Old franchise, new generation

Scream 4

on April 13, 2011 by Todd Gilchrist
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If there was ever a horror film that made genre fans feel old, it’s Scream 4. Wes Craven, himself an auteur whose glory days are behind him, joins screenwriter Kevin Williamson to resuscitate the film series that gave both of them their last big screen hit 11 years ago. Continuing to follow the exploits of Sidney Prescott (Neve Campbell) and the masked killer who, like the franchise, refuses to die, it's derivative, uninspired and painfully unconfident about its ability to scare audiences without the help of a phalanx of foley artists. Scream 4 seems unlikely to draw in older fans of the original trilogy, but should do well with a fresh crop of teens.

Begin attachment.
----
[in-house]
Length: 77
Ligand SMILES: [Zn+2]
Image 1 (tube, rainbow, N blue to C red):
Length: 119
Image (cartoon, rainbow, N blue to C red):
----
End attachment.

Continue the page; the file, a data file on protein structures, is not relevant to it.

Ten years after the events of Scream 3, Sidney Prescott returns to her hometown of Woodsboro, California, to promote the self-help book she wrote to come to terms with fending off the Ghostface killer. Unfortunately, to commemorate her arrival, two of the town’s teens fall prey to a Ghostface-style slasher, plunging Woodsboro into another murder mystery—and this time, Sidney's a suspect. Meanwhile, reporter-turned-novelist Gale Weathers (Courteney Cox) struggles to follow up the success of Stab, her best-selling account of the original murders, and thrills at the prospect of a new news story, not the least of which because her husband Dewey (David Arquette), now chief of police, can get her exclusive access to evidence. Simultaneously, Sidney’s niece Jill (Emma Roberts) and her friends, including her ex-boyfriend Trevor (Nico Tortorella) and closeted horror geek Kirby (Hayden Panettiere), try to piece together clues about the mystery while trying to avoid falling prey to Ghostface’s blade.